Already, several dozen locals have voiced their disapproval directly to Burns, and those letters, along with the ones from Congress, are believed to have impacted his thinking. Notably, both Burns and Commissioner Kristine Svinicki requested that NRC staff immediately reach out to the IBEW and other affected labor organizations for input rather than waiting for the public comment period.

"It's nice to hear that we may get to have some conversations with NRC staff as this process moves forward," Jerry said, "but we can't let our guard down on this for a second. The changes the nuclear industry is talking about affect people's lives and can end their careers, not to mention the fact that a rule change would completely undermine the collective bargaining process. As far as we're concerned, the system is working right now, and we're going to fight as hard as we have to to protect our members."


The cooling towers of Tennessee's Watts Bar nuclear plant could be off limits to out-of-favor workers if the nuclear industry wins the right to restrict access.

Photo used under a Creative Commons License from Flickr user Tennessee Valley Authority

This Vermont Local is the First in the State to
Install Tesla's Home Battery

Tesla doesn't just make electric cars. It also makes batteries, the kind you can use to power your home. And if you live in Vermont, you'll need a member of Montpelier, Vt., Local 300 to install it for you.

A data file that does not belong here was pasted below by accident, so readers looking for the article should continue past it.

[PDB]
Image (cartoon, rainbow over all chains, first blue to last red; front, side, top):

"It's an exciting opportunity and I'm glad to be a part of it," said Scott Millette, a journeyman wireman with Peck Electric, a contractor with Green Mountain Power and IBEW signatory. GMP is the area utility that employs Local 300 members and contracted with Peck for the battery installation.

Millette was one of three who were trained in a "train the trainer" course in January at Tesla's Fremont, California, site on the Powerwall, a lithium ion home battery that can serve as a backup electricity source, something that appeals to Vermonters all too familiar with winter storms and power outages. It can also use electricity generated from solar panels. What's more, the utility company can tap into this energy source, helping to meet demand during peak hours.